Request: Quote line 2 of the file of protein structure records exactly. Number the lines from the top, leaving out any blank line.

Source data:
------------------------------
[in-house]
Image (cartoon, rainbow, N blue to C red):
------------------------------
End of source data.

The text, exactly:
Image (cartoon, rainbow, N blue to C red):